We might hear people ask, “Aren’t all people God’s children?” It is true that, in a sense, God is the father of all people, “in the sense that Henry Ford is the father of the Model T.” But the word father “denotes a relationship of love and care.” We’ve all heard of young people who might say to their physical father, “You were never a real father to me!” Flesh and blood alone, does not make one a father.

There is a certain richness implied by the phrase “children of God.” These are those who have been “adopted into God’s family by grace through faith.” As God’s adopted sons and daughters, we have more than just a legal relationship with God. We are also “personally established in God’s fatherly love.” Because of the work of Christ, “we can run to our Father without fear. We have the most intimate and unbreakable relationship possible with the God of the universe.”

As true children of God, we have access. “We know God is attentively listening to us and watching us.”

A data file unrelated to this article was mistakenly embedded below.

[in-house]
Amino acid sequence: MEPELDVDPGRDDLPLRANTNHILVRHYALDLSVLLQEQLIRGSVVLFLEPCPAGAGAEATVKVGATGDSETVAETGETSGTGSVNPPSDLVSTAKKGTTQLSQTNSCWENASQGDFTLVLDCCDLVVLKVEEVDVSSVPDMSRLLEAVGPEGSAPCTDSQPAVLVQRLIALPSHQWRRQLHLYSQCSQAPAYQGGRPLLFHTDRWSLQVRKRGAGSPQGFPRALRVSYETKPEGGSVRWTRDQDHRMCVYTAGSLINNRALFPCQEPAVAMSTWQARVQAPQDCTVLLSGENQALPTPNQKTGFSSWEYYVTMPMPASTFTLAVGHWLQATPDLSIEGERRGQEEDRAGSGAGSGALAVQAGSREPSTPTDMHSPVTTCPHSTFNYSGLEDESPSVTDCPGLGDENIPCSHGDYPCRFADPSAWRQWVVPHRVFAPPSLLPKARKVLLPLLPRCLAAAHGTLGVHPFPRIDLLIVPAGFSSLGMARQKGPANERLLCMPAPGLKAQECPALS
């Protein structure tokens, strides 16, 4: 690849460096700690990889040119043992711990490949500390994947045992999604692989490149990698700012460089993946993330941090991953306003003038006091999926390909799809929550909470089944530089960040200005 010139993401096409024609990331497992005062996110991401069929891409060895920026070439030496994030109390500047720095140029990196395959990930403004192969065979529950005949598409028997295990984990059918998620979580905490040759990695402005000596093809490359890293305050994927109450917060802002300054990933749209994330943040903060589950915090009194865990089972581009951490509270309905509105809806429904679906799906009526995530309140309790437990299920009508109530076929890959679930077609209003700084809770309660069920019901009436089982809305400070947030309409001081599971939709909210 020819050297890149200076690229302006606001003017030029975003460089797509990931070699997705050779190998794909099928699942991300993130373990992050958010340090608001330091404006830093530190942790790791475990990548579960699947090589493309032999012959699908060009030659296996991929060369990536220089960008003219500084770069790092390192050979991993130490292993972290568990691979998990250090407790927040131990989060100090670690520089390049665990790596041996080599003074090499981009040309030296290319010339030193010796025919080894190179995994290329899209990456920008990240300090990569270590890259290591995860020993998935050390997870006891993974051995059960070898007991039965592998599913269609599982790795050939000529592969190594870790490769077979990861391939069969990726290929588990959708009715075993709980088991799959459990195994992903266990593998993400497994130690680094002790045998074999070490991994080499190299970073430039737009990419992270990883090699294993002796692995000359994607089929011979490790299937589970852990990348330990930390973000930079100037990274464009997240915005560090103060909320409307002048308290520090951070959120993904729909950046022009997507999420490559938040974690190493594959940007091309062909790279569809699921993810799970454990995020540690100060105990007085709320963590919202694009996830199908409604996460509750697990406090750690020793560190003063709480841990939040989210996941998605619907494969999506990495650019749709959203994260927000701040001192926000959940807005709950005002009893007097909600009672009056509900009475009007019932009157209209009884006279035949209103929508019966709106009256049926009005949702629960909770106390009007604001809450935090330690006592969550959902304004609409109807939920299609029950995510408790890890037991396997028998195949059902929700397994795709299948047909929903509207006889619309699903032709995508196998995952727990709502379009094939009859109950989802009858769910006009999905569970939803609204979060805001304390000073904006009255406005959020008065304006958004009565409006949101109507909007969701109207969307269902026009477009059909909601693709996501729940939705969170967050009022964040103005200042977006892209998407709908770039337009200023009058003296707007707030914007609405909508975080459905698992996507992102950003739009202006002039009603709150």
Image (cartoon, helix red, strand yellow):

So what does all of this have to do with prayer? “Prayer is the way to sense and appropriate this access and fatherly love, and to experience the calm and strength in one’s life that results from such assurance of being cared for.”

Father, as I pray today, may I know this access; may I know the reality of being able to run to you without fear. I thank you that you have chosen me as one whom you have adopted into your “family.” It is a joy to share the Supper each week with other members of this family. I pray for each of us, that we would all know this access and feel this same freedom in you through Christ.

I pray for this day, that our passage to work and back will be safe. I pray especially for Christi today, as the source of her drama is returning from vacation. Give her strength and wisdom, Father, and I pray you would intervene in some way to put an end to the stress and anxiety. May your grace be known to Stephanie today, and show your great love to her. I pray for Rachel and Justin in whatever they find themselves doing today, especially for Rachel, as she is so very close to finishing her Master’s studies. And may your presence be known by my mother, today, as she rests in you.

Father, several people have lost loved ones, over this past weekend. I pray for comfort for these families as they grieve their loss.

Your grace is sufficient.

May we truly know our Father in heaven, through our prayers and through our reading of Scripture. May we know the love he has for us and how much he cares for us.

Grace and peace, friends.